So what is next? Manufacturers have shifted their focus from the next hit game to the "next big new technology" and the "next big new market." Some manufacturers remain frustrated by U.S. operator sales resistance (what else is new?). It's true that American operators don't buy huge numbers of new machines, but that is largely because they don't have an easy time finding new locations these days. And adding a new game to a location frequently does not increase the weekly gross revenues; money just shifts away from the current games to the new game (for a while).
Realistic factories are refocusing. U.S. amusement machine factories now make 60% of their sales overseas, where the growth markets are, for the time being.
WHY GO? LEARN THE RISKS
Operators come to meetings like States Council hoping to find out the real lay of the land and to find niches in which they can prosper. I came away from the 2012 meeting encouraged by all the professionalism and positive attitudes, but also with a keen sense of the risks that lie ahead.
Many of those risks come directly from state governments. Smoking bans, devastating though they have been, are only part of the story. Taxation and regulation are the rest of the story, and it's a thriller at best. At worst, we're talking about a horror story.
Some state association leaders said that, in past years, they agreed to higher license fees in lieu of a gross receipts tax. For a few years, this trade-off worked in their favor. But as some states find themselves deeper in red ink, they are looking for easy targets ... and our industry has a big bull's-eye painted on its back. Result: amusement machine license fees are climbing, and taxes are being imposed. Some operators who agreed to pay licensing fees are now regretting the deal. Our business (in its current operating format) obviously can't pass on a gross receipts tax to the customer.
(On the other hand, as one state reported, if you win a gross receipts tax exemption one year, it can live on and protect you from tax hikes for years to come.)
The battles over crippling state taxes and burdensome regulations have the potential to become an outright horror story because state governments can kill our entire industry even without intending to do so. In states like Georgia, with the above-mentioned license fees on the way, the struggle is to stay in business despite the potentially lethal intervention of government.
That means operators must form state associations and make friends with their state lawmakers, before a dangerous bill or tax or license is proposed.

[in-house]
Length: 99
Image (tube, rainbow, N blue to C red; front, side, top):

If you wait until a potential problem arises to take action, to band together, and to start romancing your legislators, then you have waited too long. The law you fear will be passed before you can round up a dozen fellow operators and vote on a name for your new association or hire a lobbyist to press your case. What's more, the old pros agreed, once a law is passed, there is nothing harder than getting it amended.
BACK TO BASICS
Attending the 2012 States Council also confirmed my view of an important trend among big operators today. The best are going back to basics. Even the largest route owners are getting back on the street in person, wearing out shoe leather and reintroducing themselves to their location customers face to face, shaking hands and renegotiating location contracts, while shoring up leagues and tournaments.
These seasoned operators are dusting off tactics that were fundamental 25 years ago but that have been allowed to languish. The old-fashioned tactics of "personal retailing" are new to many members of this generation ... but hard times have a way of bringing the classics back into style. Even the old "Frank the Crank" is going back 35 years and using original tried and true operating concepts to impress the new generation.
FRANK SENINSKY is president of Alpha-Omega Amusements (East Brunswick, NJ), parent company of Amusement Entertainment Management, a consulting agency; Alpha-BET Entertainment, a nationwide revenue sharing equipment provider; and Alpha-Omega Sales, a distributor of new and reconditioned games. During his 40 years in coin-op, Seninsky has presented nearly 300 seminars and penned more than 1,300 articles. He served as president of the Amusement and Music Operators Association and the International Association for the Leisure & Entertainment Industry. He is editor of The Redemption Report and an instructor at Foundations Entertainment University. Seninsky can be reached at (732) 254-3773 or by emailing firstname.lastname@example.org.